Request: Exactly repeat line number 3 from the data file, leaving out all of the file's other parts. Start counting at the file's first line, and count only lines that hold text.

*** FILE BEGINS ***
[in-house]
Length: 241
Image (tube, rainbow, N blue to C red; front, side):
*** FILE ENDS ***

Image (tube, rainbow, N blue to C red; front, side):